Russian Inflation Unexpectedly Keeps Pace in Blow to Easing Plan

Russia’s inflation rate held steady in August after slowing for two straight months, weakening the case for the central bank to lower interest rates for the first time since 2011.

Consumer prices increased 6.5 percent from a year earlier, unchanged from an eight-month low reached in July, the Federal Statistics Service in Moscow said in an e-mailed statement today. That was above the median estimate of 6.4 percent in a Bloomberg survey of 22 economists. Prices rose 0.1 percent in the month after a 0.8 percent increase in July.

Inflation has exceeded the top end of the central bank’s target range of 5 percent to 6 percent for 12 months, thwarting the central bank from easing monetary policy to counter the worst economic slump since 2009. Policy makers are waiting for a slowdown in inflation to begin a “gradual” reduction in borrowing costs, Bank Rossii Chairman Elvira Nabiullina said in an interview with state-run Itar-Tass published yesterday.

“The continuing ruble devaluation” in August has contributed to inflation pressure last month, Tatiana Orlova, senior economist at Royal Bank of Scotland Group Plc in London, said before the release.

The ruble has depreciated for seven straight months against the dollar, trading 0.3 percent stronger at 33.4180 per dollar as of 3:50 p.m. in Moscow.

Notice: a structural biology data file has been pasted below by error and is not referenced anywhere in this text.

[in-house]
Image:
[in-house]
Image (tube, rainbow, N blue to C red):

Bank Rossii held the refinancing rate at 8.25 percent on Aug. 9, while signaling increased concern about the economy. Russia is set to meet this year’s inflation target thanks in part to a favorable trend in food prices, Nabiullina, 49, who took over as central bank chairman in June, told Itar-Tass.

Most Russians named rising prices as their biggest concern, topping corruption and poverty, the Moscow-based Levada Center said, citing a poll of 1,601 people conducted Aug. 23-26.

To contact the reporter on this story: Ott Ummelas in Tallinn at

To contact the editor responsible for this story: Balazs Penz at

Press spacebar to pause and continue. Press esc to stop.

Bloomberg reserves the right to remove comments but is under no obligation to do so, or to explain individual moderation decisions.

Please enable JavaScript to view the comments powered by Disqus.